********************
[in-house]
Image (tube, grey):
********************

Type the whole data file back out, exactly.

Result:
[in-house]
Image (tube, grey):